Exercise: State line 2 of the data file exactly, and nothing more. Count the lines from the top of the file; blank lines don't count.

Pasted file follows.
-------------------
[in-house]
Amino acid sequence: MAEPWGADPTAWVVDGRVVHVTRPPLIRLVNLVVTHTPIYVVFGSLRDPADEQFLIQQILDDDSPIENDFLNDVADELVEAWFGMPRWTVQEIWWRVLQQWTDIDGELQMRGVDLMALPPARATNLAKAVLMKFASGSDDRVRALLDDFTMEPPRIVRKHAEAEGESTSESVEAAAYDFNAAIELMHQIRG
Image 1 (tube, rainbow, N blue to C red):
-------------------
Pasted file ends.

Amino acid sequence: MAEPWGADPTAWVVDGRVVHVTRPPLIRLVNLVVTHTPIYVVFGSLRDPADEQFLIQQILDDDSPIENDFLNDVADELVEAWFGMPRWTVQEIWWRVLQQWTDIDGELQMRGVDLMALPPARATNLAKAVLMKFASGSDDRVRALLDDFTMEPPRIVRKHAEAEGESTSESVEAAAYDFNAAIELMHQIRG